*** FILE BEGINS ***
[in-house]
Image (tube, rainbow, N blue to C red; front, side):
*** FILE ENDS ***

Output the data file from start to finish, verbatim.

[in-house]
Image (tube, rainbow, N blue to C red; front, side):